USCIS issues new warning on pre-populating section 1 of Electronic I-9s
Today, the United States Citizenship and Immigration Services (USCIS) published guidance on a frequently problematic area of I-9 compliance – the automation or “pre-population” of employee data into section 1 of an electronic I-9. In a nutshell, the USCIS is now stating (quite clearly and unequivocally) that employers should not be pre-filling or auto-populating onboarding information into section 1 of an electronically prepared Form I-9. They also provided a list of fields in section 2 which may be populated from another system (more on that below).
While the issue of pre-population may sound like a minor “technical” detail, the stakes are actually very high for employers. Under the regulations, Immigration and Customs Enforcement (“ICE”) has the right to examine and evaluate I-9s that have been completed electronically in order to ensure the system maintains the required levels of integrity and accountability. And in the event electronically stored I-9s fail to meet this standard, ICE can essentially deem the I-9 to be “invalid” – as if it never existed at all!
The dangers of electronic I-9 pre-population are especially pronounced for those employers using so-called “all-in-one” HR systems that combine onboarding, applicant tracking, payroll, and other related functions into one commingled process. Many of these providers have designed “I-9 modules” or add-ons where section 1 pre-population runs wild – an unacceptable risk for any organization that hopes to survive an I-9 audit.
Are you aware of the current rules (and guidance) relating to electronic I-9 pre-population? Read on for a comprehensive deep dive into this evolving compliance issue.
What in the world is electronic I-9 pre-population?
Imagine you’re just starting out in HR, and you’re in the process of hiring your very first employee. There are of course a myriad of forms and intakes that must be completed along the way, and like most organizations, you utilize software to automate these necessary tasks. You gather all kinds of information about your new hire employee – names, address, contact information, date of birth, and even the social security number (to name just a few).
And as part of the onboarding process, you also ask the employee to complete section 1 of the Form I-9 electronically (as allowed under the regulations). Now imagine your employee sits down in front of the computer, and lo and behold, some of the answers are already filled-in based on that biographic data that you previously collected. In fact, all your employee needs to do is review and fill-in the remaining blanks. This is what we call a pre-populated, pre-filled, or auto-populated section 1 of an electronic I-9.
And to a certain degree, it seems quite reasonable. You’ve already collected this information from your new hire employee – in fact, the new hire may have actually used the very same software system to provide these basic biographic details. What’s the harm in helping the employee out, as long as he or she ultimately has to read the form and sign-off on it?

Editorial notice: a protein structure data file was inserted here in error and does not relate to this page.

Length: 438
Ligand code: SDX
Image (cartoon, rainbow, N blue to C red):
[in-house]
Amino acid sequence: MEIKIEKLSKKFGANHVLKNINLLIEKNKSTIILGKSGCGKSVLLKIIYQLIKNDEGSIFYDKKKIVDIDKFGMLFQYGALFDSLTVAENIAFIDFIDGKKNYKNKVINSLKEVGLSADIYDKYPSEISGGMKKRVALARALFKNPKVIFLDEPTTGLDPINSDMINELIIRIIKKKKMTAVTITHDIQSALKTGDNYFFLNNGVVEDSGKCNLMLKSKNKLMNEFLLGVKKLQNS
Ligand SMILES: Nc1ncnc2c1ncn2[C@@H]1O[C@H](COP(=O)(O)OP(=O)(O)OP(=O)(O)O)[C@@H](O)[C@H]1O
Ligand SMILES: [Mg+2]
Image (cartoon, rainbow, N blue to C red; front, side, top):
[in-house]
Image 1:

The various agencies have struggled with this question over the years – particularly as more employers began to use electronic I-9 systems in the early part of this decade. Indeed, the guidance relating to I-9s (as documented in both the M-274 handbook and the Form instructions themselves) never contemplated the interconnected onboarding routine that was made possible with the advent of the electronic I-9. As a result, the agencies’ position on section 1 pre-population has been “evolving” based on what they are seeing in the field. But the trending seems pretty clear – over-automation with electronic I-9 software is being scrutinized to a new degree. Moreover, the agencies themselves do not always see eye to eye on this point, resulting in some confusing (and sometimes inconsistent) guidance.
Let’s take a look a closer look!
Policy Guidance from ICE relating to Section 1 Pre-Population
ICE was the first agency to provide us with guidance relating to section 1 pre-population, and their position has evolved the most. Initially in 2010-11, the agency noted that section 1 pre-population in an electronic I-9 was permissible as long as the employer also completed the preparer and/or translator section. To a certain extent, this made sense since the employee was being assisted/helped by the system which had so conveniently filled-in various fields.
However, it also raised some interesting questions, such as what name to provide in the preparer and/or translator fields and who should sign the section. Some people pondered that since the software is technically the preparer in this scenario, the software should somehow fill/sign the section, like an HR-aware HAL 9000 (“You want me to sign this section? I’m sorry Dave, I’m afraid I can’t do that.”) But more practically speaking, many employers were completely unaware of this policy, and very few systems enforced it.
In early 2013, the agency adopted a much stricter policy on section 1 pre-population, noting on a liaison call that it’s never permissible regardless of whether or not the preparer and/or translator section was used and regardless of whether or not the employee inputted the information that is pre-populated into the system. Later that year in October, ICE softened their stance, noting that they did not have an official position on the subject, and would instead evaluate electronic I-9s on a case by case basis. As far as we know, this is still the current guidance in effect with respect to ICE I-9 investigations.